In a sudden and surprising move, the central bank announced today to further reduce the policy rate by 200 basis points (bps) to fix at in a single digit @ 9 per cent. The Monetary Policy Committee (MPC) of the State Bank of Pakistan in an emergency meeting on Thursday announced the cut in the policy rate, which is the third in a row in less than a month.
“This reduces forward-looking real interest rates (defined as the policy rate less expected inflation) to around zero, which is about the middle of the range across most emerging markets,” the Monetary Policy Statement issued by SBP Thursday stated.
The MPC was of the view that this action would cushion the impact of the Coronavirus shock on growth and employment, including by easing borrowing costs and the debt service burden of households and firms, while also maintaining financial stability. It would also help ensure that economic activity is better placed to recover when the pandemic subsides.
The MPC noted the worsening outlook for global and domestic economic activity in the wake of the Corona pandemic. Given the unfolding situation, the MPC noted that it “remains ready to take whatever further actions become necessary in response to the evolving economic impact of the Coronavirus,” the statement said.
The world economy is expected to enter into the sharpest downturn since the Great Depression, contracting by as much as 3 per cent in 2020, according to projections released this week by the IMF. This is a much deeper recession than the 0.07 per cent contraction during the global financial crisis in 2009. Moreover, there are severe risks of a worse outcome, the statement said.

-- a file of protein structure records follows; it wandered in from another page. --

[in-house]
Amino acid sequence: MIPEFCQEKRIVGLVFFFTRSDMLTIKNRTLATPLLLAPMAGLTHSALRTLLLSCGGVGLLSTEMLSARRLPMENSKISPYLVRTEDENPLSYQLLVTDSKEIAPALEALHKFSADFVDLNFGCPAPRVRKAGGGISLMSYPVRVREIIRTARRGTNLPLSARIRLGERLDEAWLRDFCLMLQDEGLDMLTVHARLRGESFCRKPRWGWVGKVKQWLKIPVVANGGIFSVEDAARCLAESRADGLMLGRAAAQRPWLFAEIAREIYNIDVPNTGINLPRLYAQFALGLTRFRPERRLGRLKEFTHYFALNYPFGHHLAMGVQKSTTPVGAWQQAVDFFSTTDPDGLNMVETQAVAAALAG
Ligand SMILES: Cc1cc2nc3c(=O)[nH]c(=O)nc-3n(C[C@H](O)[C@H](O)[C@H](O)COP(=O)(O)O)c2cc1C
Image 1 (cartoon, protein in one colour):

Despite the fact it was a longstanding demand of the traders to reduce the interest rate, this cut would affect the savings, as the profits on bank savings and terms deposits would be slashed down in the same proportion.
The traders have welcomed today’s decision of SBP.
Last time, the central bank had announced a cut in the policy rate on March 17 after a long four-year period by slashing 75 bps to 12.50% citing a declining inflationary pressure and a need to sustain the economy that was hit by the coronavirus crisis. This reduction was termed a meagre by the businessmen who rejected it.
Due to mounting pressure, within one week later on March 24th the SBP again reduced the rates by 150 basis points to 11 per cent stating that the COVID-19 pandemic had caused major disruptions to economic activity and the IMF had also significantly downgraded its global growth outlook for 2020 from 3.3% growth previously to below zero.
The banks were paying over 12.5 per cent per annual interest rate on one year or more fixed/term deposits before March 17, which was reduced to 10 per cent per annum when the policy rate was reduced to 11 per cent on 24th March.